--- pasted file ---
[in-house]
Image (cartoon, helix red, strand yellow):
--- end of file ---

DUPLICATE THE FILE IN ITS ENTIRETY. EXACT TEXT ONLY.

[in-house]
Image (cartoon, helix red, strand yellow):